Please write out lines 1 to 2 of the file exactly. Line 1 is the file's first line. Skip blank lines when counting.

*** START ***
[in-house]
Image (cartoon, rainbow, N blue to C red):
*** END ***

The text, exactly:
[in-house]
Image (cartoon, rainbow, N blue to C red):